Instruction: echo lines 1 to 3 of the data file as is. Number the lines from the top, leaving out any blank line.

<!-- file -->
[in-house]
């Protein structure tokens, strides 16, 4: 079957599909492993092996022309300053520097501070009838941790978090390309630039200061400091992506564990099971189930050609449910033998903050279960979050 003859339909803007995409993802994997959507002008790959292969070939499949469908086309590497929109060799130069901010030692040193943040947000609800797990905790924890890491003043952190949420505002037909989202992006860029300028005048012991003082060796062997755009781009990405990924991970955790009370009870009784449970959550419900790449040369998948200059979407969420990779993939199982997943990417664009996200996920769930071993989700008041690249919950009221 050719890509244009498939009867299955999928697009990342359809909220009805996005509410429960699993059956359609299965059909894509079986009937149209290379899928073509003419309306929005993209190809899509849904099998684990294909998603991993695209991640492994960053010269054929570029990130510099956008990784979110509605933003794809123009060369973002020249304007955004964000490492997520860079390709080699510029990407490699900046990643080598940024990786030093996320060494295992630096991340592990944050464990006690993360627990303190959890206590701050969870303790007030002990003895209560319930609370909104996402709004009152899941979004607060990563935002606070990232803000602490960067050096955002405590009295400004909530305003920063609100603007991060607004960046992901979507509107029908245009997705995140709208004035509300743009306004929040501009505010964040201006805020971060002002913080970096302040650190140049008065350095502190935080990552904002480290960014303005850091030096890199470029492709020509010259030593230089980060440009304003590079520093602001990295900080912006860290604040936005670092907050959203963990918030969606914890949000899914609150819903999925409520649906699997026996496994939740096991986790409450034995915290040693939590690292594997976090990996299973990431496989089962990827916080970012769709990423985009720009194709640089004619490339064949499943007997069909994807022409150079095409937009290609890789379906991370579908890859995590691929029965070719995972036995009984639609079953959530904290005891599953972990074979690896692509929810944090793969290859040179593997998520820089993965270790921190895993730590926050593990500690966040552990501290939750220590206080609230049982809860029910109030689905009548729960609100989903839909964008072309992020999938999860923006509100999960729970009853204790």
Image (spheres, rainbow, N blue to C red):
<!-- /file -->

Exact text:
[in-house]
């Protein structure tokens, strides 16, 4: 079957599909492993092996022309300053520097501070009838941790978090390309630039200061400091992506564990099971189930050609449910033998903050279960979050 003859339909803007995409993802994997959507002008790959292969070939499949469908086309590497929109060799130069901010030692040193943040947000609800797990905790924890890491003043952190949420505002037909989202992006860029300028005048012991003082060796062997755009781009990405990924991970955790009370009870009784449970959550419900790449040369998948200059979407969420990779993939199982997943990417664009996200996920769930071993989700008041690249919950009221 050719890509244009498939009867299955999928697009990342359809909220009805996005509410429960699993059956359609299965059909894509079986009937149209290379899928073509003419309306929005993209190809899509849904099998684990294909998603991993695209991640492994960053010269054929570029990130510099956008990784979110509605933003794809123009060369973002020249304007955004964000490492997520860079390709080699510029990407490699900046990643080598940024990786030093996320060494295992630096991340592990944050464990006690993360627990303190959890206590701050969870303790007030002990003895209560319930609370909104996402709004009152899941979004607060990563935002606070990232803000602490960067050096955002405590009295400004909530305003920063609100603007991060607004960046992901979507509107029908245009997705995140709208004035509300743009306004929040501009505010964040201006805020971060002002913080970096302040650190140049008065350095502190935080990552904002480290960014303005850091030096890199470029492709020509010259030593230089980060440009304003590079520093602001990295900080912006860290604040936005670092907050959203963990918030969606914890949000899914609150819903999925409520649906699997026996496994939740096991986790409450034995915290040693939590690292594997976090990996299973990431496989089962990827916080970012769709990423985009720009194709640089004619490339064949499943007997069909994807022409150079095409937009290609890789379906991370579908890859995590691929029965070719995972036995009984639609079953959530904290005891599953972990074979690896692509929810944090793969290859040179593997998520820089993965270790921190895993730590926050593990500690966040552990501290939750220590206080609230049982809860029910109030689905009548729960609100989903839909964008072309992020999938999860923006509100999960729970009853204790």
Image (spheres, rainbow, N blue to C red):